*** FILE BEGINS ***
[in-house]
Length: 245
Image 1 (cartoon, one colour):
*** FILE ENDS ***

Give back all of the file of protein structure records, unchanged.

[in-house]
Length: 245
Image 1 (cartoon, one colour):